Getting masses of people together in one place can be a great thing – fill a stadium, house party or music festival and a good time is guaranteed for all (assuming that the sport/music/booze is up scratch, obviously!). There are times however when a crowd can simply be a royal pain in the proverbials – a crammed train, a long queue, a packed lift stuffed with sweaty commuters; at times like these it’s easy to start hankering for some alone-time. And so we arrive at Sony and Zipper Interactive’s MAG; a title that wants to be the music festival of the first person shooter world; a Glastonbury to Modern Warfare 2’s more intimate (and, dare we say it, more purposeful) arena gig.
MAG comes with a short title and an equally short USP: 256, this being the number of online players that can populate its war-torn battlefields. While this pitch might be a laser-beam of conciseness, spend a bit of time as a MAG trooper, and it quickly becomes apparent that war can be chaotic, confusing and difficult to manage – but does this mean that MAG has nailed the reality of war? Or has it simply failed to nail the elements that equal great game design? Well, we’d say it falls somewhere between the two.
In such a crowded arena as the online first person shooter, it was inevitable that someone would pursue an increased headcount in order to corner a niche in the market, and for being the ones to attempt to do so, Sony and Zipper should be applauded. This generation did after all promise more than just refined visuals delivered at higher definitions; we were promised leaps in A.I., genre-breaking new experiences and, yes, living and breathing battlefields swarming with human controlled combatants.
For the uninitiated, MAG is a massively multiplayer online first person shooter, with no single player mode to speak of (aside from a brief – and somewhat clumsy – training mission that teaches you the basics). Like Modern Warfare and the Battlefield series before it, it is the type of game that chews up and spits out newcomers, daring them to hone their skills and come back to prove their worth or to be simply brushed aside by a tide of more skilful and more committed players. This is undoubtedly a proven recipe for success (despite what the press would have you believe, hardcore gamers still exist!) but it is a recipe dependent on a key ingredient: it needs to be rewarding. The initially punishing learning curve has to make you want to come back for more, and that choosing to do so reinitiates this cycle. Without this, you’re left with little more than web-based self-flagellation.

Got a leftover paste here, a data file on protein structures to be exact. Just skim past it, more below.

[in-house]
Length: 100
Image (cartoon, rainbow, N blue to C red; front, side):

So what is the key to capturing this special ingredient? What makes an online warzone appealing, engaging, satisfying and addictive? Most obviously, the world in which the warfare is set needs to be believable and from a visual stand point the best that can be said about MAG is that it’s a solid effort. While not a bad looking game, it lacks personality and notable design touches; the maps are chock full of details (wrecked vehicles, bridges, streams and homesteads) but much of the onscreen furniture feels like place holders, fulfilling a role but failing to do much more than that. Battlefields are not of course places of beauty, but even the mud, rust and grease encrusted worlds of Killzone 2 managed to carve out there own scarred charm; the world of MAG on the other hand is a little bit bland. Luckily, the uninspiring visuals are ably supported by strong audio. The incessant snare-drumming of machine-gun fire can be headache inducing, but the tapestry of explosions, radio chatter and jet planes roaring overhead can be thrilling (surround sound is a must!).
To be fair to Zipper Interactive, MAG was never meant to be an audio/visual showcase – it is much more an exercise in technical know-how and problem solving: how do you dump 256 players into a bloody conflict, without any lag and create a framework that stops the game being little more than a standard team deathmatch BUT BIGGER? Zipper’s handling of these quandaries is at once impressive, and more than slightly disappointing. In terms of net-code, MAG works -pure and simple! During our time with the game, lag was all but non existent, and games were easily and quickly accessible. Bearing in mind the sheer quantity of troops, vehicles and munitions being hurled around in a full 256 player game, this in itself is no small feat.
Pages: 1 2
Have you downloaded the latest issue from GamerZines yet? Check it out here!